Lost in the political clamor is any sense of how American health care really works in a cockpit of special interests and free-lance greed that permeates a “system” of patient choice but no protection.
As a metaphor and cautionary tale, I offer two ancient shoulders. My story may bore you but it has a point.
In excruciating pain a decade ago, I called several orthopedists recommended by my primary physician and was told I could have an introductory appointment in two or more weeks.
In desperation, I searched on my own and found “a physiatrist,” an orthopedic doctor who specializes in relief rather than surgery. He examined my shoulder and gave me a cortisone injection that stopped the pain.
After several years and injections, he recommended rotator cuff surgery. Reluctantly I agreed and went through a six-hour arthroscopic operation in which I could hear the surgeon and his associate debating their moves and the anesthetist stepping away to call his stock broker.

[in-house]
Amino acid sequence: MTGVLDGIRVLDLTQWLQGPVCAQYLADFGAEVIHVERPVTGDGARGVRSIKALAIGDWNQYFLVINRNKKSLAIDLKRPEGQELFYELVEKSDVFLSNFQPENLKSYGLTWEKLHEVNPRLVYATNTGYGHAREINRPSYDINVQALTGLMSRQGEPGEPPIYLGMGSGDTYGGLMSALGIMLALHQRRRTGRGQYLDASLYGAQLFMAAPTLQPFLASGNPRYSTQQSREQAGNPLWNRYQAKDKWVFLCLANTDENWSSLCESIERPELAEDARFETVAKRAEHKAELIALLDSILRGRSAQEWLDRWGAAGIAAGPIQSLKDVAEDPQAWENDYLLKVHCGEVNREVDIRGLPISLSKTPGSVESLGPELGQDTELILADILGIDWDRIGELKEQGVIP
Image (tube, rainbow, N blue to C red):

That night I had to go back to the emergency room for a morphine drip to finally stop the unbearable pain. A year later, after many Medicare dollars and even more of my own for physical therapy, my shoulder still hurt and I was not able to raise the arm above my head.
Flash forward a few more years. When my other shoulder acted up, I went to a new physiatrist who had helped me with back pain. She suggested acupuncture, which Medicare doesn’t cover, and I agreed. To this day, that shoulder has more motion and hurts much less than the other.
What does my story suggest? Not a condemnation of rotator cuff surgery but as my second physiatrist says, “To someone with a hammer, every problem looks like a nail.”
There are 27,700 orthopedic surgeons in the US and 8,000 physiatrists. What are the chances of avoiding inadvisable surgery on the basis of this disproportion?
Beyond that, add all the other “specialists”—-podiatrists who clip toenails and bill for surgery, dermatologists who do more cosmetology than skin care, and so on down the line—-and national health care costs become clearer.
A Boomer generation reared to believe that every problem has a solution and a price is not going to change its attitudes late in life. Before them, people of mine did not expect so much, and those who survive still don’t.